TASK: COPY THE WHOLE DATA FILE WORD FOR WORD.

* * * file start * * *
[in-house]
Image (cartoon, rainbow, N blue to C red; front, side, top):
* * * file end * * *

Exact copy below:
[in-house]
Image (cartoon, rainbow, N blue to C red; front, side, top):